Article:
Risk & Reward
By weaving a financial safety net in her early working years, this MBA student now has the opportunity to pursue an unexpected passion.
A strong safety net
Never afraid of diving in, Isabel joined the investment bank UBS after graduating from Columbia University. She didn't study finance — psychology was her chosen major — but ended up as an equity derivatives sales-trader, which earned her a healthy paycheck (and healthy bar tabs too).
Taking a career risk, retirement
Rather than blowing all of her newfound money, though, Isabel wisely decided to max out her 401(k). "I never had access to the funds, so I got used to that lower chunk of money hitting my checking account," she says. "I knew it was important to have funds set away that would grow tax-free over time. I knew it would help me later in life."
As a young single woman working in finance, she still earned more than she spent. So she invested in a taxable account, too, keeping future goals in mind, such as buying a house and raising a family.
When she left her position at UBS, she knew she wanted to take a more proactive approach to managing her finances. "A lot of my generation has no idea what we're doing financially," she admits. "In terms of planning ahead and investing for my future, it was important to me to start early."
To B(-school)? Or not to B(-school)?
After a few years in finance, Isabel considered returning to school for her MBA. She wanted to obtain the financial foundation she didn't get in undergrad — and she also wanted to transition to the tech sector and the west coast.
While intrigued by business school, she constantly wrestled with whether it was worth it. "How do you weigh the monetary gains from furthering your education against what you're missing by not working for two years?" she would ask.
She heard tales of others who'd gotten their MBAs, then ended up in the same roles they held before. Would she be like them? Or would B-school pay off? Isabel didn't know. But after deciding it would undoubtedly ease her switch to a new industry and location, she decided the experience would be worth the tuition and loss in income.
Now a year in to UCLA's MBA program, Isabel's "incredibly thankful" for her decision. Although going from Wall Street to grad school was a drastic financial change, she's been mindful about her new spending limits. "Luckily everyone's in the same boat," she says. "We all want to go out and have fun, but we're all very conscious of the fact that we don't have incomes."
She and her friends often opt for free activities like hiking, biking, and beach-ing. "We're more focused on experiences," she explains. "Rather than paying for the fancy Instagrammable avocado toast, we'll make it ourselves. It's finding a happy balance between seizing opportunities we value and saying no to things that are unnecessary."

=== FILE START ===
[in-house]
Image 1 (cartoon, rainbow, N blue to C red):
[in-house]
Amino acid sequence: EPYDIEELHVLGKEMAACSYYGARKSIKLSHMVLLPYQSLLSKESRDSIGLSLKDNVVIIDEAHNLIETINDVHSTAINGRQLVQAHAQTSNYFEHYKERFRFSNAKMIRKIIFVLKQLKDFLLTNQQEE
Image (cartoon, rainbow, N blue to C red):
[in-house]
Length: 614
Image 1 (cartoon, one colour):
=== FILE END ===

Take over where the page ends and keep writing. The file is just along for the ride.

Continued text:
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Discovering a hidden talent
In a roundabout way, business school also helped Isabel discover what's now her greatest passion.
At 3 a.m. one New Year's Day, she got online — not to order pizza, cookies, or a spate of new shoes — but to sign up for her first triathlon. She figured she could train during the downtime between quitting her job and starting school.
Her very first race, she won the whole thing.
"I discovered I was pretty good at it," she says. "And I came to the strange realization that training and competing was my favorite part of every day. I'd come back from a 5-hour bike ride and my roommates would be, like, 'How is that enjoyable?' But for me it was the most rewarding effort and greatest escape."
A year later, Isabel nabbed the amateur's gold medal in a National Half Ironman. That qualified her to compete professionally — which she plans to do after graduation. "I might as well try it," she says. "I have the rest of my life to work at a desk."
Once she turns pro, Isabel will be eligible for prize money (which can range from $25,000 to $100,000 per race), as well as sponsorships. She plans to leverage her business skills to strike a balance between sponsors who provide gear and sponsors who provide checks. "You're not going to survive with energy bars," she says with a laugh. "You need somebody to pay your rent, too."
Still, Isabel will probably have to dip into her savings. To cut costs, she might train in San Francisco or Boulder, where she can live with family. From there, she'll give herself a year or two to determine if being a professional triathlete is sustainable.
"I want to give myself a real chance. And I'm excited to learn all about branding, sponsorship, and marketing, while doing what I love," she says. "But I also want to be realistic: I know the life of an athlete is fleeting, so I plan to bring the same competitive, entrepreneurial mentality to the rest of my career, whatever it may be."
Leaving all the doors open
While Isabel acknowledges her career as a triathlete could be short, she's accepted the uncertainty.
"I could break my leg tomorrow," she explains. "But my MBA and summer internship with the fintech startup Varo Money will stay with me — and that lets me breathe a little bit easier with this riskier career choice."
She also feels buoyed by her early investments; by the fact that money is compounding, even if she's not contributing.
"I'm confident my savings are working for me," she says. "Nothing is guaranteed, but it's reassuring to see that my net worth is projected to go up over time. I know that money is working for my future."
All along the way — from her degrees to her investments to her work experience — Isabel has kept an eye on that future, and has been sure to leave all the doors open along the way.
"My mom always said you'll never be sorry about having too many opportunities," she says. "Doing the best you can sets you up for when things don't go right; it gives you leeway to take risks and potentially fail. Like when you're chasing a dream you didn't know you had."